Liver Cirrhosis Treatment
What is it? | What
causes it | Symptom | Living
with cirrhosis(do's and don'ts)
What is liver cirrhosis and what causes it?
Cirrhosis implies irreversible scarring of
the liver which can be a potentially life-threatening. In
an advanced stage, 80-90% liver may be damaged and replaced
with scar (dead) tissue. Cirrhosis is caused by sustained
liver damage over several years either by alcohol, viral infection
(Hepatitis B, C), a toxic substance (for eg. drugs, excess
copper or iron in the liver), or by blockage of biliary system
such that the liver undergoes progressive scarring that slowly
replaces all of normal liver cells.
In most instances, the above causes initially
result in Hepatitis which can usually be treated. However,
if the offending factor is not removed or treated on time,
cirrhosis develops and then it is usually too late to change
the course of the disease.
of liver cirrhosis
Initially, there may general symptoms such as
tiredness, lethargy, yellowness of eyes and urine (mild jaundice),
swollen feet, excessive itching and anemia (low hemoglobin).
In more advanced stages, the patient may have several life
threatening complications such as blood vomiting, bloated
stomach due to water (ascites) in the abdomen which may develop
serious infection, mental deterioration and coma, deep jaundice
and kidney impairment.
Liver with Cirrhosis
In addition, the patient may have bleeding tendency
due to low levels of a liver protein prothrombin, and low
platelet count both of which are vital for normal clotting
Living with cirrhosis (do's and don'ts)
Although cirrhosis implies irreversible damage to the liver, a person
with early cirrhosis (stage Child's A or early Child's B) can have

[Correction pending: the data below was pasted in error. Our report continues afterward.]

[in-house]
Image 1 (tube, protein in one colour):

several years of fairly active life provided appropriate treatment
is given by liver specialists. Advanced or Child's C Cirrhosis on
the other hand, clearly dictates the need for a liver transplant
for which expert opinion should be sought.
- Intial detailed evaluation with a liver specialist is essential to grade the disease and chalk out appropriate therapy.
- Regular liver function tests and follow up with your specialist is necessary every 1-3 months in early cirrhosis and 1-4 weeks in advanced cirrhosis. The exact interval between check ups will be decided by your liver physician depending upon your symptoms and severity of disease.
- Nutritious diet is essential for optimal liver function in presence of chronic liver disease. Contrary to popular belief, the digestion remains normal until very late stages of liver disease except in the presence of severe jaundice. Hence, the need for complete avoidance of fatty food and proteins in all forms of liver disease is a myth. This is not only unnecessary in most cases, but also harmful since it results in malnutrition, weight loss and faster deterioration in health.
- In Hepatitis B induced cirrhosis, Lamivudine treatment may be considered in consultation with the liver specialist if HBV DNA test is positive
- In early cirrhosis due to Hepatitis C, treatment with Interferon-alpha and ribavirin may be useful in consultation with your liver physician.
- Alcohol must avoided at all costs in alcohol-induced cirrhosis and restricted in all other forms of cirrhosis, especially Hepatitis C.
- Excessive physical activity should be avoided especially in virus related cirrhosis.
- At the same time, forced bed rest should be avoided and reasonable degree of mobility and activity should be maintained.
- Contact sports should be avoided in advanced stages of cirrhosis due to poor clotting and a bleeding tendency.
- Self-medication is dangerous since the liver is suboptimal and drugs will have much more prolonged effects and may harm the already damaged liver.